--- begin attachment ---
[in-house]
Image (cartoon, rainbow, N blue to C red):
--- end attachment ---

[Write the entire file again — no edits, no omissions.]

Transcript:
[in-house]
Image (cartoon, rainbow, N blue to C red):